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A MEP spying for Russia?

by DoDo Mon May 19th, 2014 at 01:40:36 AM EST

Hungarian far-right MEP suspected as Russian spy | EurActiv

The Hungarian chief prosecutor has sent an official letter to European Parliament President Martin Schulz, with a request that MEP Béla Kovács, from the far-right party Jobbik, be stripped of his parliamentary immunity, in order to allow the judiciary to investigate him over suspicions of spying for Russia.

The extremity of the far-right's new Russia-friendliness notwithstanding, I think this story is best interpreted as an experimental election campaign attack on Jobbik by authorities completely in the control of PM Viktor Orbán's ruling Fidesz. In general, the EP election campaign in Hungary is interesting for lopsided positions.

The article continues:

The Hungarian press reports that the letter has been sent at the request of the Hungarian counter-intelligence, which has informed the prosecution of its suspicions in early April.

Kovács, who is number 3 in the European elections list of his political force Jobbik, has reportedly denied the allegations. According to opinion polls, Jobbik is likely to come second in the election, after the ruling Fidesz party of Prime Minister Viktor Orban.

Kovács is reported to have had frequent contacts with Russian diplomats and has been travelling to Moscow once a month.

...The Hungarian MEP is also the treasurer of the far-right Alliance of European National Movements (AENM), according to its website. Its member include Bruno Gollnisch of the French Front National, Nick Griffin of the British National Party, Valerio Cignetti from Italy's Tricolour Flame and Dimitar Stoyanov, a Bulgarian former member of Ataka.

As far as I know, the guy went to a university in Russia, and thus certainly had good ties to the country to justify travelling there once a month without being a spy. Then again, the FSB can make use of the EU far-right even without actually employing its members as spies. At any rate, the information against him seems rather superfluous, and Jobbik & allies aren't pro-Russia over Ukraine just because of this guy only: the attacks of Ukrainian nationalists on ethnic Hungarians in Westernmost Ukraine has more to do with it. And here the government is not much different: Orbán recently talked about territorial autonomy for ethnic Hungarians, eliciting a protest from the PM of Poland.

Earlier I wrote about reports that before April's underwhelming national elections, Fidesz strategists refrained from a negative campaign against Jobbik because they feared that it could have an opposite effect. However, the EP elections are apparently insignificant enough to do experiments, because Fidesz media brought out the guns this time, and I think the accusation against Kovács is part of this.

As for the EP election campaign in general, it's pretty weird: looking at posters, you would be forgiven to mix up which local party is EPP-aligned and which is far-right.

Fidesz's slogan is aggressively and hypocritically Eurosceptic-nationalist: "Our message to Brussels: Respect for Hungarians!"

A strong Fidesz vote will of course change nothing about the respect for Hungarians (or for Orbán's autocracy) in Brussels, what it will do is strengthen Juncker's faction, but what that will lead to in the EU, is no campaign theme.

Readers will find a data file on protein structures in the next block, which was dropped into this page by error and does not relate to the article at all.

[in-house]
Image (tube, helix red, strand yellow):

As for Jobbik, which (successfully) tried moderation and social populism in the national election campaign, went even further in that direction, with bland centrist posters and slogans no more radical than "European Rights, European Wages At The Centre of Europe!" (A web version of this poster even had the EU flag in the background!)

The moderation strategy, which most connect to Jobbik leader Gábor Vona, caused significant friction in a party which used to burn the EU flag. One stalwart of the radicals preferring street politics to parliamentary politics recently organised a small protest against an ethnic Hungarian politician from Serbia whom he considered a traitor to the nation, which ended in his followers verbally insulting and spitting at the guy. Jobbik officially denounced the action and declared that the man who was their MP until a week earlier has no ties to the party any more, but their EP list leader (the woman on the poster above) participated and refused to denounce "her good friend".

As part of the new anti-Jobbik negative campaign strategy, the above event got the full attention of Fidesz media. I caught a segment on public TV which emphasized the contradiction between the party press release and the EP list leader's position in a comically excessive, spoonfeeding way.

As for nominal and real left-of-centre parties, they amount to a sideshow in the campaign. Where I live, the Socialists already focus on the local elections later this year, distributing a leaflet denouncing the (truly disastrous and idiotic) mayor in strong terms.

What all this amounts to at the election booth on 25 May remains to be seen. I expect a low turnout.

Meanwhile, I am hearing persistent rumours that the government is preparing for major layoffs in the public sector (which includes my employer, the Hungarian State Railway) in June, and this might include the entirety of my relatively independent small company branch.

*Lunatic*, n.
One whose delusions are out of fashion.
by DoDo on Sat May 17th, 2014 at 05:23:39 AM EST
Jeez, fingers crossed for your job DoDo.

When I read about Hungarian politics from you and the Greek posts from Talos I shudder, and feel just a little better about Italy.

'The history of public debt is full of irony. It rarely follows our ideas of order and justice.' Thomas Piketty

by melo (melometa4(at)gmail.com) on Sat May 17th, 2014 at 08:51:24 AM EST
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